Hello all! I am very excited about this blog post. Not only am I reviewing Maria Semple’s new novel, Today Will Be Different, I am also posting a Q & A with the author and giving all you lovely readers a chance to win a copy of the novel. All you have to do is RT my tweet today mentioning the giveaway, so keep an eye on my feed: @AmyPirt.
So, to start with, here is my question to Maria:
And here is her answer:
Because it’s mine for the taking. I write my first drafts in a fevered rush. I don’t keep notebooks of ideas and observations to draw from. I’d say half the details in Today Will Be Different I threw in because they happened or occurred to me that day. If I didn’t set the novel in Seattle, it would be stripped of caprice and vitality.
If this Q and A has whetted your appetite and you fancy finding out just why Today Will Be Different, why not read my review of the novel below?
Today Will Be Different will appeal to all of you who wake up every day, vying that today will be the day you actually live out the #MotivationalMonday quote you post, that today you will complete your to-do list, that today you will be Wonderwoman. And whilst I hesitate to designate books to particular genders, Today Will Be Different will certainly appeal to mothers, sisters, wives and partners, because Semple nails exactly what it is to be a woman today. Because, despite the triumphs of feminism, it is still women who feel they have to try harder, and it is still women who shoulder the burden of the past more than men, arguably. (But do feel free to argue with me about that; I love nothing more than a debate).
The novel starts and ends in the same way: our protagonist, Eleanor Flood, determines, in the words of the title, that, ‘Today will be different’. She will, in essence, be the perfect woman: a great mother, a great lover and her ‘best self’. Whole industries have been built around women’s desire to be the best in all their incarnations; magazines, books, websites, personalities. Witness Sheryl Sandberg, Gwyneth Paltrow, Marissa Mayer. And to me, this is so clever, because despite the journey on which Eleanor goes and the knowledge she acquires, in some ways, she does not change at all. For she is still that perfectionist woman at the end that she was at the beginning. The woman who believes that she must constantly be all things to all people.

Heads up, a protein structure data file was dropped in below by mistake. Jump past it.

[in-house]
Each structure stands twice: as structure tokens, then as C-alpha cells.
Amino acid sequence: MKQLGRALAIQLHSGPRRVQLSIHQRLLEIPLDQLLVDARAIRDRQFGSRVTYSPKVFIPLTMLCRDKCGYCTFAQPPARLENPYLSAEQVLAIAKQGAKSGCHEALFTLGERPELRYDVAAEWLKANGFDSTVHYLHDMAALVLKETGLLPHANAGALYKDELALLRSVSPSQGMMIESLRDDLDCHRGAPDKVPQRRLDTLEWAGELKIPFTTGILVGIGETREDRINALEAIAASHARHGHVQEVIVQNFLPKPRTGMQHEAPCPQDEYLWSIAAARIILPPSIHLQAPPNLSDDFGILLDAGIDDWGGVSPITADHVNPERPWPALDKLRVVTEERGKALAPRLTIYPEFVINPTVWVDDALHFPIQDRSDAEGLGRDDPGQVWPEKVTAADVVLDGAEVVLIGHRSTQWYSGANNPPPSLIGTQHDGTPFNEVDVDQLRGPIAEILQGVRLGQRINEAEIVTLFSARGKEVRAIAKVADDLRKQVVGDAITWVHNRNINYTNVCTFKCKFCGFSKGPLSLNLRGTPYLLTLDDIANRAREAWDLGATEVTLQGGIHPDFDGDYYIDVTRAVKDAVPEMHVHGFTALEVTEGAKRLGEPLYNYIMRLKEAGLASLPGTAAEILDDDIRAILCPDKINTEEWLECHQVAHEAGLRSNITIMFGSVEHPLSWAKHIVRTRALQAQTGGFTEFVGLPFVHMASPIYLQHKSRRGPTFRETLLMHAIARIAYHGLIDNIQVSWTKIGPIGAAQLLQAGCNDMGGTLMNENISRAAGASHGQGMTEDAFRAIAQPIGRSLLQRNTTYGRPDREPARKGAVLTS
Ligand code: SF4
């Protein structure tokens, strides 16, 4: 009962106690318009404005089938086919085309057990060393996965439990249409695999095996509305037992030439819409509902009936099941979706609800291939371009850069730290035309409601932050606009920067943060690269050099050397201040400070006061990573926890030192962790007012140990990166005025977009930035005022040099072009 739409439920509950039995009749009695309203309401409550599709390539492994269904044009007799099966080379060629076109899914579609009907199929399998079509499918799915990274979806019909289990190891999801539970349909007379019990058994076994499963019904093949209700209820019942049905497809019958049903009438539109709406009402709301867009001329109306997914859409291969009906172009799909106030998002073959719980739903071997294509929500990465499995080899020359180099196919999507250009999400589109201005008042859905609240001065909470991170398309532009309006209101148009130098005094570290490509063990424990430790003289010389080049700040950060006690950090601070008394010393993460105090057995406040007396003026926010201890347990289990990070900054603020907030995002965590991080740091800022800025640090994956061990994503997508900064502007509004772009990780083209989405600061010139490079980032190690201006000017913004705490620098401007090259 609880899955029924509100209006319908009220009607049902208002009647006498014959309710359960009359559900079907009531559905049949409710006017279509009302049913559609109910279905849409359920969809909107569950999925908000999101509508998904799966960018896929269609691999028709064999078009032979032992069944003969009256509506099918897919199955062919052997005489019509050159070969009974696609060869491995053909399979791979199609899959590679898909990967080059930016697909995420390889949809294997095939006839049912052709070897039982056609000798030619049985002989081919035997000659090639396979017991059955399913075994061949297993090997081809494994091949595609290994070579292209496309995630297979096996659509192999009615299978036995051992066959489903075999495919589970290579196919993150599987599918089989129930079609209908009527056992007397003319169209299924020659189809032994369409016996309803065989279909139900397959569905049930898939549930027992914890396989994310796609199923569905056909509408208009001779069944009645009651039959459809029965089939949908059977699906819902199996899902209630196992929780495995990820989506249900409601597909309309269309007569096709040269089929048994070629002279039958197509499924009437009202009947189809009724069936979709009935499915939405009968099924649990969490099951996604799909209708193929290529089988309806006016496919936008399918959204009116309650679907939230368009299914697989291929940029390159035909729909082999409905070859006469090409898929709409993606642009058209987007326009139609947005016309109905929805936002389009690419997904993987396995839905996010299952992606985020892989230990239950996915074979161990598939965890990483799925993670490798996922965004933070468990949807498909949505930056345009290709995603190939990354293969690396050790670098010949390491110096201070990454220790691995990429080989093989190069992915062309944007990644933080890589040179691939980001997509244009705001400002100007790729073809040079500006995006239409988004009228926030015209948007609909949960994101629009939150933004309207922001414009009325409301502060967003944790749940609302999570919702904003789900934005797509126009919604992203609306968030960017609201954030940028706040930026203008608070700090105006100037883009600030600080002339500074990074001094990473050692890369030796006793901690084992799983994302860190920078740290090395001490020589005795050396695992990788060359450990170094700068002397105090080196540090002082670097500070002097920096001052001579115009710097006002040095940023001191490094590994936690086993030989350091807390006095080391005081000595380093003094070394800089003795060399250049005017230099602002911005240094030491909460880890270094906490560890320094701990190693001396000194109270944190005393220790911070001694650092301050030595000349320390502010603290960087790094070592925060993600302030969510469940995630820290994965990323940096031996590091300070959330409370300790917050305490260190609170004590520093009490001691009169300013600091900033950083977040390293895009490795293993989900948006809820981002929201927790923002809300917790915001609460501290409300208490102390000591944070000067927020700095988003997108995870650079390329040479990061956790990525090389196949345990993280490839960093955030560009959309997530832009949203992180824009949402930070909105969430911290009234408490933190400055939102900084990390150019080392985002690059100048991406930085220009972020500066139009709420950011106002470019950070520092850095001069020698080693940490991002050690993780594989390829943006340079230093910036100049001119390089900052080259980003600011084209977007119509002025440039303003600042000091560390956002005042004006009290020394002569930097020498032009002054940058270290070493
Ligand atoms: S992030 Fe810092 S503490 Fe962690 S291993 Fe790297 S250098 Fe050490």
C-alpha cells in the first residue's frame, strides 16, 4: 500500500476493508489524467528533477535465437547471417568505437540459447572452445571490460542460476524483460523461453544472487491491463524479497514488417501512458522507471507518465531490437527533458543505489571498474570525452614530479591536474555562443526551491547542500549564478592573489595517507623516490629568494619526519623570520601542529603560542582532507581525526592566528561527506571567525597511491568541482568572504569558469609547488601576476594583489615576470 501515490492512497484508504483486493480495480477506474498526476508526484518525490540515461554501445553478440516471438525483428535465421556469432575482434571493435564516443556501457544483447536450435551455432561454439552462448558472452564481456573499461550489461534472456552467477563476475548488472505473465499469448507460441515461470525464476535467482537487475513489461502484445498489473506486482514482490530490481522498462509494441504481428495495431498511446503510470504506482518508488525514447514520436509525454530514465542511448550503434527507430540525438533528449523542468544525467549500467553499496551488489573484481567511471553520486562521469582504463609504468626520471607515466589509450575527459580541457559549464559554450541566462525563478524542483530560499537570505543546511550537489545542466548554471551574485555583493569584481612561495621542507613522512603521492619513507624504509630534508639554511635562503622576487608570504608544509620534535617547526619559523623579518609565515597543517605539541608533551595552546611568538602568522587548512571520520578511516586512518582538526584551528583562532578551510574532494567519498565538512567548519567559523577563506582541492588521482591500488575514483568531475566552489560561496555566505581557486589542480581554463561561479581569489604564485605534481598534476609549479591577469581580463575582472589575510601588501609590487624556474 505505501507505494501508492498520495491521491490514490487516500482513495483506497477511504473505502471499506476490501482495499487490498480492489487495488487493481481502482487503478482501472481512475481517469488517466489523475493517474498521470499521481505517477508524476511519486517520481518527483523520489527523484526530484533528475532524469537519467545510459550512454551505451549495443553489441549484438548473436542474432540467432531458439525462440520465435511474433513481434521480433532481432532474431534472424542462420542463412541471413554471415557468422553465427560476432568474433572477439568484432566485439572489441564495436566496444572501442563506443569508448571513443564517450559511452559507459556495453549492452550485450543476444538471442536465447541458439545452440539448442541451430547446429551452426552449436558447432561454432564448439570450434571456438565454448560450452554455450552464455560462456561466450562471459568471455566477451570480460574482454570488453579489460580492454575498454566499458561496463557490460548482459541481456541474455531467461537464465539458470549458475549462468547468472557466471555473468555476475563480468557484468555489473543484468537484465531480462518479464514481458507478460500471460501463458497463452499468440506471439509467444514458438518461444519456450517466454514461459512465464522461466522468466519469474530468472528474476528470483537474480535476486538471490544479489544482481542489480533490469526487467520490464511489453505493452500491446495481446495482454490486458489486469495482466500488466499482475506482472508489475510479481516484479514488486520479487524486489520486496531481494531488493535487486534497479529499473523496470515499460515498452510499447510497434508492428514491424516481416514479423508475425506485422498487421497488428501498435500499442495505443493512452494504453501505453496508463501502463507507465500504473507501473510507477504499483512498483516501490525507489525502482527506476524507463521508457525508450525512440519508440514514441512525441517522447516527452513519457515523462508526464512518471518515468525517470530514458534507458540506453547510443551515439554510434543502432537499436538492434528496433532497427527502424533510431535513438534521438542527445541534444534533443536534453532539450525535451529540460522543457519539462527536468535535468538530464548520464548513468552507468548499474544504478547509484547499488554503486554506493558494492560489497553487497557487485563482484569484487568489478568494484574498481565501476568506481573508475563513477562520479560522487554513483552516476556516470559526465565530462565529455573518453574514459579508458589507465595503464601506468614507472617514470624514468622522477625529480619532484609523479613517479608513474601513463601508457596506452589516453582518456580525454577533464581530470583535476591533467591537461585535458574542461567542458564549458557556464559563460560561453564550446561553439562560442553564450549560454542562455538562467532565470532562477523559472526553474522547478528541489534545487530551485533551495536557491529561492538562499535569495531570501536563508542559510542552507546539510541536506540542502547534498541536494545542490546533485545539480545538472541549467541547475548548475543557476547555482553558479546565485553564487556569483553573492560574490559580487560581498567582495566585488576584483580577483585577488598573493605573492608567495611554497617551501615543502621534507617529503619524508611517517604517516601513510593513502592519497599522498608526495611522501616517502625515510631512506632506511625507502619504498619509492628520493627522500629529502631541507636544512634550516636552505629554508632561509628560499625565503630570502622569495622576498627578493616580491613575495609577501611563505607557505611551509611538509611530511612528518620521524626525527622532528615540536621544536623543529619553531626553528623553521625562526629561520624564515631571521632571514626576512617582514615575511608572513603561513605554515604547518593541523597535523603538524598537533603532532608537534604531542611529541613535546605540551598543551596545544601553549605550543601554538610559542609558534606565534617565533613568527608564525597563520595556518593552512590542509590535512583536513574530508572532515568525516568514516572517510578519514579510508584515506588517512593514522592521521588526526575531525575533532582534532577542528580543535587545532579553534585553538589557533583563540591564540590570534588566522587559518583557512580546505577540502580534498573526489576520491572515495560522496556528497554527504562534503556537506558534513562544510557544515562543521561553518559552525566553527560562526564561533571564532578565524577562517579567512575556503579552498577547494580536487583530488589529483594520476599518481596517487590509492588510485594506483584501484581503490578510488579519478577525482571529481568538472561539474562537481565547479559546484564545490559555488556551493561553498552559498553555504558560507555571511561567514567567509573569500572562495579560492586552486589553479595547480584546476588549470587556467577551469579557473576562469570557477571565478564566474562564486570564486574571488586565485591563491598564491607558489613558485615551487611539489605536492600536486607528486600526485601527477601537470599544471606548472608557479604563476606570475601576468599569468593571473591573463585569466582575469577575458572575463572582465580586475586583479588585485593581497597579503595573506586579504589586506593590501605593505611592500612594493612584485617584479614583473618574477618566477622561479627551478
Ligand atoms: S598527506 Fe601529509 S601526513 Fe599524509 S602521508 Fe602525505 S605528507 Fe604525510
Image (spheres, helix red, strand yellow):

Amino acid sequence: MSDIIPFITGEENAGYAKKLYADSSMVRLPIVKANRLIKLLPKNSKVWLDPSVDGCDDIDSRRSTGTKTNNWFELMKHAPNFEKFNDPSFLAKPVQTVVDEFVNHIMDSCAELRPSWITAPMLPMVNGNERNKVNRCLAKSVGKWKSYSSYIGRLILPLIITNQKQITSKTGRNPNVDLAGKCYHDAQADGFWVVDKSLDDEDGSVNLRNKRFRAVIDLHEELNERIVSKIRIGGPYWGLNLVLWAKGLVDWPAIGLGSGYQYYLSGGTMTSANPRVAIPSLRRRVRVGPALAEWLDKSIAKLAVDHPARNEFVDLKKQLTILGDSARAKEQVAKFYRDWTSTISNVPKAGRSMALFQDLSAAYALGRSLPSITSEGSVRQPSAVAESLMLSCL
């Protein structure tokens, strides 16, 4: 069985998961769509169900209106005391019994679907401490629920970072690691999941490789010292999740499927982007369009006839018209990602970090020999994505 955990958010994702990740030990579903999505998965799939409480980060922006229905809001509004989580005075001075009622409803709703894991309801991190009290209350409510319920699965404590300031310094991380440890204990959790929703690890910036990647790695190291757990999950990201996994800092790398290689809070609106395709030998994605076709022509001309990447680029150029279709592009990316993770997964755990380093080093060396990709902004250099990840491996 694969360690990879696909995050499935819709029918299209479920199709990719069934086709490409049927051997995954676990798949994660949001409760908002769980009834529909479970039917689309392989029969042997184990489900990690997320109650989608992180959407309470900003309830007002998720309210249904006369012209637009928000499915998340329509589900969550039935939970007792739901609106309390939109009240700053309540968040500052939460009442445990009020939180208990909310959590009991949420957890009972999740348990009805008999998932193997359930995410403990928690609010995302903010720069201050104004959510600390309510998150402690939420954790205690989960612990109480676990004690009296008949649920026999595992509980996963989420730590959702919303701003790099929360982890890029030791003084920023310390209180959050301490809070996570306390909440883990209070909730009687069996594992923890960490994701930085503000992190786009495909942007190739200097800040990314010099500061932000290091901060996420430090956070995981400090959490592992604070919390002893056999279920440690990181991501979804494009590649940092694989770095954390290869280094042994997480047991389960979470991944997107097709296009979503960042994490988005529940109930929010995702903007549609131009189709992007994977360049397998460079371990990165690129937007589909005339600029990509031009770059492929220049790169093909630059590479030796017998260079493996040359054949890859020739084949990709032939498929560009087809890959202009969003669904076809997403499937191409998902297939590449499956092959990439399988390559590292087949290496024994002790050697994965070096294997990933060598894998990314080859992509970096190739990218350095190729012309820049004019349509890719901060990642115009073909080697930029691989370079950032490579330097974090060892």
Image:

Like Ulysses, Today Will Be Different takes place over a single day, but it recalls things from Eleanor’s past which inform her present, such as her unpublished, autobiographical graphic novel, The Flood Girls, and her complex relationship with her sister, Ivy. There are points where I would have liked the novel to be a little sleeker, but the sheer originality, bizarreness and truth of it all more than made up for this.
There are several mysteries in Today Will Be Different: where is Eleanor’s husband Joe and why is he not at his office? Why does Eleanor not speak to her sister? Why does Eleanor hate her ‘friend’, Sydney Madsen? And why is her son called Timby? (Sorry Maria, but that is a bizarre choice, even in America!)
I must say, I struggled with Semple’s style at points, and it took me a while to get into the novel and to warm to Eleanor. But I ultimately loved this novel about sisters, marriage and motherhood. Semple’s observations and stunning and so true:
I knew then: if under all anger was fear, then under all fear was love. Everything came down to the terror of losing what you love.
Many thanks to Rebecca Gray at Orion for the review copy and chance to be part of this blog tour.